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5 ments. A few are interest rates, currencies, and securities. Traders can take two positions on a futures contract, a short position and a long position. The short position is the side that will deliver the asset and the long position is the one who will re ceive the asset. Currency Futures Currency futures are futures contracts between buyers and sellers to exchange a specific amount of one currency for another at a particular date in the future and for a predetermined price that is fixed on the purchase d ate. As with other futures contracts, currency futures create the obligation for the buyer and seller to fulfill the contract at the predetermined end date. When currency futures contracts expire, they are settled in cash in the underlying currency. Howe ver most day traders do not hold their futures contracts until expiration and thus are not involved in settlement or delivery of the underlying currency. Currency futures are much like actual currency markets; however they are traded on exchanges and are more regulated. Because currency futures are traded through an exchange, the exchange provides centralized pricing, clearing, and ensures that market prices are the same among all different brokers. The largest exchange for trading in currency futures is the CME Group and the most popular currency future is the EUR, which is based on the US dollar to Euro exchange. The currency futures market continues to grow in popularity and has a wide variety of users. The main participants in the currency futures mar (Currency Futures, Forex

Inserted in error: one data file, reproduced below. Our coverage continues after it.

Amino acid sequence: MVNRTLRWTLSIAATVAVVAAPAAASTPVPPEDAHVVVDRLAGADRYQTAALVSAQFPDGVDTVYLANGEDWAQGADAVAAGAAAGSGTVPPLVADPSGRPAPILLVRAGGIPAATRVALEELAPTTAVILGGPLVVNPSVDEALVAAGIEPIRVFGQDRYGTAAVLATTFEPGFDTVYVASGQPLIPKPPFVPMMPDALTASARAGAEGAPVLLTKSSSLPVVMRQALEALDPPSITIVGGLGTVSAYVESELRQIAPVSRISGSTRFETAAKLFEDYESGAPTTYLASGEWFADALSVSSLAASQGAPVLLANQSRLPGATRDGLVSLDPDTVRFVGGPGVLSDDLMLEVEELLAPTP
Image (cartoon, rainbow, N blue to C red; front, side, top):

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6 Futures ) Companies often use currency fu tures for hedging. They purchase currency futures for their future payables or sell futures on c urrencies for their future receivables. Individual investors often trade currency futures either for hedging against foreign exchange risk, or to speculate and try to profit from changes in exchange rates. The currency futures market is becoming increasing ly more liquid and daily turnover has grown on every exchange to around $3 billion. Figure 1 below shows the major increase in currency futures trading on the NSE and MCX in the last year Currency Futures & Underlying Exchange Rates Currency futures are essentially investments based on the underlying exchange rate being dealt with. Exchange rates specify how much one currency is worth in terms of another. Thus any factors that impact currency strength and exchange rates will therefore have an equal influence on the currency futures markets. Floating exchange rates are subject to